So, the darn thing worked, but really really wants a sheltered place. Given that no such place exists anywhere in windscape of San Francisco, below video of the contraption working (briefly before the wind gets the better of it). I apologize for the wonky orientation of the video--next time I'll get that straight (the tube really is stationary in a horizontal position). The amplitude modulation of the waves shows up in the last few seconds of the video.

What we discovered what the tube could be shorted (i.e. fewer holes), or we need more pressure and we have to do this in an enclosed space (i.e. NO WIND).

Next up (when I get around to it) will be video of the Ruben's tube playing to "When the levee breaks".

Thursday, May 12, 2011

Implementing a stand-in "loading" image in javascript

First of all Happy Bike to Work day (BTW DAY)!

This is something like my 12th BTW day and I love seeing the masses of bicyclists out on the road especially on this day.

Now on to the subject of this post...

This had me a bit flummoxed, until I nailed down the magic way to set this up. Basically what I wanted to be able to was insert a stock image in place of a slower loading image. This slower loading (well, technically stream) ends up taking seconds to bring up after the page has finished rendering.

What was happening without this was I was staring a big empty rectangle after loading of the page, and thought it would be much much nicer to put in a pretty, albeit temporary, image in place.

The solution involves setting two image tags in the same div section. One visible and one hidden. Something like this:

<div id='stream_temp' style='visibility:visible;'>
  <img height=450 width=600 src='img/camera.jpg' alt='videoFull' border='4' >

<div id='stream' style='visibility:hidden;display:none;'>
  <img onload='displayStream()' height=450 width=600 
    alt='videoFull' border='4' ></img>

Thursday, May 5, 2011

Generating a random key

I want to keep this little block of code around as it might just come in handy in the future, not that it's terribly complex.

The key generator relies on /dev/urandom to help generate a random key. There's another file on the system call /dev/random. The difference between these two is that the command to open and read from /dev/random will block until enough system entropy has occurred on the system, whereas a call to open /dev/urandom will immediately succeed regardless of the entropy on the system. Meaning your key may not be secure at the point the value is read.

This should only really be of concern if the key is being generated somewhere close in time during the boot process.

Thursday, April 28, 2011

Real live plotting in your browser

Here's how to generate nice and pretty live plots in your browser. Even turns out to not be too much of a hassle (by relying on the correct library that is). First you need to grab the following javascript files from here.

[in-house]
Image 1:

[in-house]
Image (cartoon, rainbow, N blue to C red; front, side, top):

And reference the relevant plotting support libraries in the html code (as below):

<script type="text/javascript" language="javascript" src="js/jquery-1.2.3.js">
<script type="text/javascript" language="javascript" src="js/jquery.flot.js">

Then set up the location you want the plot to appear on the page via a div section:

<span style="padding:0px;"><div id="plotter" align="left">

Thursday, April 21, 2011

VT100 in your browser

This is pretty cool. I was searching for this and guess what? It's possible to bring together an unholy marriage between the browser and the command line interface. It's actually so uncool that it's cool.

And it works pretty well too...

There's a VT100 emulator written in javascript (shellinabox), that is fairly well developed. There's even an implementation you can play with just to kick the tires a bit so to speak. It's even well developed enough that it seems completely usable with some limitations. Performance ain't too bad either. The primary limitation is obviously the delay in the request/response (or latency).

This implementation works by running a parallel shell process on the server and sending keystroke by keystroke back to the server for interpretation. There's some performance penalty with this approach, but it does promise to be a faithful representation of a linux cli session.

On the other hand I've had a chance to subvert this library even more by wiring it up to the Vyatta REST API--the nice thing about this is that commands can be sent when completed (thereby avoiding the keystoke by keystroke roundtrip). And guess what? It works pretty well too. Very nicely.

Now with this your imagination can run wild with the possibilities....

Wednesday, April 20, 2011

Woo-hoo! Maybe an upcoming re-release of the hp-15c?

I'm not usually into rumor mongering and the like, but there's a tantalizing tidbit just released here.

Set your alarm for June.

UPDATE (6/9/11):

Just saw that a supposedly email from the *inside* stated that the RUMORED hp15c won't be released on January 2012. In order to align with the 30th anniversary of the original release.

Hold tight.

Thursday, April 14, 2011

A place in my heart for Reverse Polish Notation

No explanation really, but I'm still fascinated by the old RPN line of HP calculators. There's a bit of joy every time I find a use for one--which these days mostly consists of helping with my kids homework. And it's as much about the hardware as the software--a real RPN calculator beats any emulated alternative any day. Handsdown. And I guess that's why I throw an old HP-12c in with my gear each morning.

My first handheld was the HP-25c. To me that was my pda. Through the years I've managed to misplace about a half-dozen models along the way (always upgrading to the newer model).

There's a great site that still covers technical details in minutia (hp-museum) with a pretty active forum. And it's a must visit site if you are considering collecting these relics.

I now have the following tucked away (an hp 16c, 32s, 42s, 41c, and 12c).

Here's to the hope that HP would someday redo the HP-15c scientific (sign the petition here).